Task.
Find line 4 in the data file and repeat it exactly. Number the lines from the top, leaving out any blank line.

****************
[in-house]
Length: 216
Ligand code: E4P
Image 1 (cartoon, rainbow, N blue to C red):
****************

Image 1 (cartoon, rainbow, N blue to C red):